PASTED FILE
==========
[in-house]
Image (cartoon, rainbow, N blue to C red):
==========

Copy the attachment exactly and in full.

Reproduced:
[in-house]
Image (cartoon, rainbow, N blue to C red):